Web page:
After another long and depressing day at my corporate job two years ago, I decided to meet some friends out for dinner in Basalt. My friend thought it would be nice to go to Blue Creek Grill because that’s where she had her recent art opening —
What? Did she say an art opening???
I was stunned. I knew that my good old friend had been dabbling, but I had no idea on what scale.
Two years prior to that night, she’d gone on an African safari, and being the talented photographer that she is, she took some wild pics. Not sure what to do with these stunning, up close (as in five feet away) shots of zebras, lions, tigers, and elephants, she tucked them away physically. Mentally, they kept calling her back.
Finally, she chose to develop them to their fullest potential (4′ x 5′ plus) in order to make the best impact. Framed and ready for market, she took them to the Blue Creek Grill restaurant where over 10 pieces of art were beautifully displayed for public indulgence.
I was jealous.
I thought to myself: “How is it that I think I have so much creativity and passion inside, yet here I sit selling news to corporations?”
I’ve always been so inspired by my friend because she makes her own choices. Twenty years ago, we were living large in Aspen, having an absolute ball after college. But after having my two years’ worth of fun, I knew it was time to move to Chicago to pursue what some referred to as a real job.
But not my artistic, independent friend. She thought we were all crazy.
“Are you kidding me? I’m staying put. This place is awesome,” she said. I listened but dismissed her comments as foolish. I was going to be a ‘homeowner’ after all — not a ‘renter’ for the rest of my life. (related article: Homeownership Can Be A Dream Killer)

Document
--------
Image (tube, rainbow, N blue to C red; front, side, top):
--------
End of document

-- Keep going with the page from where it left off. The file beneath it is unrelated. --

Needless to say, she ended up being the owner, and guess who ended up being the renter?
Funny how that turned out.
It made me think that my fierceness wasn’t so fierce after all. I was obviously too timid to risk pursuing my passions in order to live life my way for fear that I’d fail.
But that’s when a shift started taking place; I started to rethink that approach. Maybe it was age. Maybe it was boredom. Or maybe it was just time to get up off my lazy rear to do what I loved so I’d love what I did.
Living like you mean it takes effort. Not to mention, courage. Flash forward to today.
I quit my corporate job and followed my dream. I work harder than I ever have as an internet entrepreneur, but I wouldn’t change a thing.
When it comes to my work, I feel passion. I’m dedicated. I love the challenge, and it can be challenging.
I could use more money…more time…more emotional support. But I’m focused on the finish line: living and working and thriving on my terms, from anywhere I choose.
Some would call this living the dream. For me, it’s living my reality.
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